The Park Database team takes a closer look at ticket prices as a benchmark of visitor spending and explores the trend for immersive experiences.
By The Park Database team
What can theme park ticket prices tell us about visitor spending, and where will the trend for immersive entertainment take us?
In any feasibility study or evaluation of an attraction’s economics, the four variables that are of the highest importance are visitation, spending per visitor, profit margins, and overall development costs.
We like to review ranges for these assumptions periodically. In this case, we’re looking at the ticket prices of top global theme parks and waterparks as a benchmark for visitor spending.
The price averages for theme parks skew higher. But, this skew is almost entirely driven by the major brands: Disney, Universal, Seaworld, Cedar Fair, and Six Flags. And there is only a handful of these. For the majority of all other theme parks not in the above list, pricing is virtually equivalent to that of waterparks.
As we’ve written about before, this implies there is a virtual price floor on these kinds of LBE experiences. And if developing an attraction, a waterpark is almost guaranteed to be more profitable than a theme park, where the development costs are several times higher.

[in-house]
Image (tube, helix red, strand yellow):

Of the trends we’ve been following this year, the one that excites us the most is ‘immersive’. This is not a recent trend, but we sense that we are well into the growth phase of this movement.
What are we referring to? Immersive experiences can take many forms, from Instagram museums and immersive theatres to expanded escape rooms and interactive puzzles. They are multi-sensory attractions that offer visitors open-ended exploration opportunities.
Most are smaller attractions accommodating only a handful of visitors. The average footprint is well under 1,000 square meters, the threshold for a typical FEC. Due to their high engagement though, ticket prices are virtually equivalent to that of theme parks.
Combined with smart marketing campaigns that constantly keep supply under the level of demand, revenues are high. Conditions like these drove up the valuation for the first-mover Museum of Ice Cream to an eye-watering $200 million.
And also, the appeal is global. These attractions have roots in the thespian/cultural capitals of New York, London, and Los Angeles. Now, they have even penetrated the world’s largest consumer market (China) in a big way.
Top image: Atelier-des-Lumières– an example of a popular immersive experience. Kind courtesy of Culturespaces, photo credit E.Spiller